Trypanosoma cruzi

(redirected from Trypanosoma escomelis)

Try·pan·o·so·ma cru·zi

a species that causes South American trypanosomiasis and is endemic in Mexico and various countries of Central and South America; transmission and infection are common only where the triatomine bug vector defecates while taking blood, because the bug's feces contain the infective agents that are scratched into the skin or brought in contact with mucosal surfaces. Trypomastigotes are found in the blood, and amastigotes occur intracellularly in clusters or colonies in the tissues; heart muscle fibers and cells of many other organs are attacked, the organisms not being restricted to macrophages as in visceral leishmaniasis; humans, dogs, cats, house rats, armadillos, bats, certain monkeys, and opossums are the usual vertebrate hosts; vectors are members of the family Triatominae. Also known as Schizotrypanum cruzi, a distinct generic designation widely used in the endemic regions.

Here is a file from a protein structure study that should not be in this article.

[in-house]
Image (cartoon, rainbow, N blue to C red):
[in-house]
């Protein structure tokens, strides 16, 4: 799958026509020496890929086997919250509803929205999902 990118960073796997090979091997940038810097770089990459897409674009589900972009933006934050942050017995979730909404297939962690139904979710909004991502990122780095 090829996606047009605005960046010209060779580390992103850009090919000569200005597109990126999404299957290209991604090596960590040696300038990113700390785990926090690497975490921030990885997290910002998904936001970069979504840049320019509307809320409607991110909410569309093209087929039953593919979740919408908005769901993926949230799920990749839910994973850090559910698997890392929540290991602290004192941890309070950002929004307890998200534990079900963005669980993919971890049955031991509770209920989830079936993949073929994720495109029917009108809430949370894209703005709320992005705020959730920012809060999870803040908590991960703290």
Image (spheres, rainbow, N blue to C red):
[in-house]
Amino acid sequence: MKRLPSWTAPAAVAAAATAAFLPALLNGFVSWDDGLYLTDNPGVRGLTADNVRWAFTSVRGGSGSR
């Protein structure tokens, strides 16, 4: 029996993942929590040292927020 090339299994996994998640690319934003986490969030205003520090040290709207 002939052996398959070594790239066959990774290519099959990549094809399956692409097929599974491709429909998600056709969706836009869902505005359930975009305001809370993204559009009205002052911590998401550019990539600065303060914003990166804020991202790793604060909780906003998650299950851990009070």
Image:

Trypanosoma cruzi

Try·pan·o·so·ma cru·zi

(trī-pan'ō-sō'mă krūz'ī)
A species of protozoan flagellates that causes South American trypanosomiasis; transmission and infection are common only where the triatomine bug vector defecates while taking blood, because the bug feces contain the infective agents that are scratched into the skin or brought in contact with mucosal surfaces. Trypomastigotes are found in the blood; heart muscle and other organs are attacked.

Trypanosoma cruzi

The causative agent of American trypanosomiasis (Chagas disease). It is transmitted by triatomids (bloodsucking insects of the family Reduviidae).
See also: Trypanosoma
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